You Can Finance Your Manufactured Home
Since the dawn of the automotive age, mobile homes have been convenient options for consumers to purchase as habitats, with or without title to land on which to place these abodes. In its modern form, the humble mobile home is now called a manufactured home, and it is a low-cost way to become the owner of your domain.
Historically, manufactured housing has had a reputation of sorts. However, standards of construction and design have improved dramatically. Prefabricated homes have a range of niche uses from vacation homes to senior housing. The ability to move homes on site, assemble the sections and connect utilities rapidly makes them ideal to support disaster relief and other temporary housing needs.
Mobile Versus Manufactured Defined By A Date
The name comes from being prefabricated structures, transported complete or in sections by road to the community where the owners will live. Manufactured homes are most often doublewide, meaning two sections or more joined side-by-side, transported separately and joined on site; these are more popular and hold value better than singlewide homes that arrive onsite complete.
The most significant distinction is that mobile homes ended production before June 1976, and manufactured homes entered production after that month. Pre-1976 mobile homes are not financeable, but you can obtain loans for newer manufactured homes if they meet state and HUD regulations that facilitate national distribution by manufacturers. FHA, USDA, and VA insured loans are available for manufactured housing whether the home is sited on a purchased or leased lot.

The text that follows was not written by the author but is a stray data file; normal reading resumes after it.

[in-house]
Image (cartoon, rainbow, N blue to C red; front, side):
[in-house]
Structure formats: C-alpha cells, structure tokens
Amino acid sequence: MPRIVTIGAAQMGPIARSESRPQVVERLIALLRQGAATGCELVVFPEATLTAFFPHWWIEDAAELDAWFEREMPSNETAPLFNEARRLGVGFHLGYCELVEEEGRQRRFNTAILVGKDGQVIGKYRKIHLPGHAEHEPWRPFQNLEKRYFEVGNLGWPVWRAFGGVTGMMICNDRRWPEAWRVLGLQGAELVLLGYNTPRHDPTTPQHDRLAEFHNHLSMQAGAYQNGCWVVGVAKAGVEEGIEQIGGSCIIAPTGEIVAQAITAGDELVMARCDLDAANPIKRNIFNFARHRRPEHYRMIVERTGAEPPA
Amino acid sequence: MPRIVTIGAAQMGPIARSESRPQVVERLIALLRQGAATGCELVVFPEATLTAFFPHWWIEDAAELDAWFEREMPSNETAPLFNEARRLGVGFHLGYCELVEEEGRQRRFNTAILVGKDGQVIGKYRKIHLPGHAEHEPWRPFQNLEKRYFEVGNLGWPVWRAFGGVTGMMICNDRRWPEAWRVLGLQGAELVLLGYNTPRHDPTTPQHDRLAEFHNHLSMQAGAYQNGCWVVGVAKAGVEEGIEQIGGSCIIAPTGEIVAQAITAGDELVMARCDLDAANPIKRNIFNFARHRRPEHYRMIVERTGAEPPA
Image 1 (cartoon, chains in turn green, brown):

Appreciating Personal Property Or Real Estate Depreciation
Manufactured homes lie on the boundary between personal property and real estate, sometimes are convertible from one to another. In real estate, the value resides in the land, which cannot be moved or removed by definition and so its value cannot depreciate, merely changed by its use and zoning, but all of the structures on the land are subject to depreciation.
Manufactured housing depreciates more rapidly than conventional site-built structures; it has a direct impact on the ability of owners to finance the purchase of it. Singlewide homes depreciate more quickly than doublewides. The standards of construction in manufactured homes have improved to justify treatment as conventional housing structures. However, the status of a particular home is determined by many factors including the laws of the state.
Refinancing Manufactured Homes
When manufactured homes hold title as personal property, they are financed by chattel loans of fifteen to twenty years at sub-prime interest rates. Converting the title to real estate enables borrowers to refinance chattel loans to mortgages at lower rates of interest. Refinancing will require that you have the title to the lot and a permanent foundation. Manufactured homes are a specialization for some realtors, who deal with nothing else. By becoming experts in manufactured home sales, they can help buyers find the right financing and get settled in as comfortably as owners of any other type of home.